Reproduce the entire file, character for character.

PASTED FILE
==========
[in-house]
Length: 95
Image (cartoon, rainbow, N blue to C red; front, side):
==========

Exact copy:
[in-house]
Length: 95
Image (cartoon, rainbow, N blue to C red; front, side):